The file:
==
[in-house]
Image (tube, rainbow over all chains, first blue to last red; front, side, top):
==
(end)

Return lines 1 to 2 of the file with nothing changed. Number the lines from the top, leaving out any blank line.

[in-house]
Image (tube, rainbow over all chains, first blue to last red; front, side, top):